At immigration lawyer conferences, it is not unusual to hear attorneys speaking on the arcana of immigration law to comment on the Ninth Circuit. Those from it gloat about how the law is “better” there for foreigners and those not from it bemoan that they are not there. Quite often attorneys will call me from parts of the country outside of the Ninth Circuit asking if it would be advantageous for a client to move here. It sometimes is, or was.
Before 1997, the courts of appeal had authority to decide whether an immigration judge abused his or her discretion when considering relief for people when the relief was discretionary. The Ninth Circuit issued some decisions that were very helpful to aliens seeking relief. One gem was Kahn v. INS.
Since 1997, review of discretionary decisions has gone away and new forms of relief have substituted for the old ones, so the benefits of these older cases have waned.
The Ninth Circuit had good law, from the perspective of a deported person, on reinstating prior deportations, but the Supreme Court took care of that in Fernandez-Vargas v. Gonzales. Similarly, the Ninth Circuit had good law about people with prior deportations who came back illegally being able to adjust status to permanent residence under INA § 245(i), but that has all fallen by the wayside as well in Gonzales v. DHS.
The Ninth Circuit had great law on stays of removal when petitioning for review or filing for motions to reopen, but the Ninth Circuit advantage was spread, with important modifications, to all the circuits in Dada v. Mukasey.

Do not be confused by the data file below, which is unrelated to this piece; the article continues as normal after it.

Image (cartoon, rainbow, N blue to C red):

In drug crimes, the Ninth Circuit was out front in determining that a state felony was not necessarily an aggravated felony, but here again the Supreme Court concluded in Lopez v. Gonzalez that the Ninth Circuit view, though not exclusively the Ninth Circuit view, was the right view.
One area where the Ninth Circuit is unique is in the area of expungements of certain drug crimes, like simple possession, under the influence, and paraphernalia. The Ninth Circuit has held in Lujan-Armendariz v. INS that the expungement of one such crime eliminates its immigration consequences. This decision is under challenge as the U.S. Justice Department is seeking re-hearing en banc in Nunez-Reyes v. Holder, a recent case that held that the expungement of a conviction for being under the influence of a controlled substance is effective to ward of being deported for the offense. The Justice Department filed its motion on July 7, 2010, and the court has ordered that Mr. Nunez-Reyes respond. The rehearing request is not an attack on the expansion of Lujan Armendariz to under the influence crimes, but a full-fledged attack on the Lujan-Armendariz concept that a drug crime’s expungement is meaningful in the immigration context. If this goes by the wayside, yet another reason why it is uniquely good to practice in the Ninth Circuit will go away. I guess those of us in Alaska, California, Oregon, and Washington, will still have the beach. Posted July 25, 2010.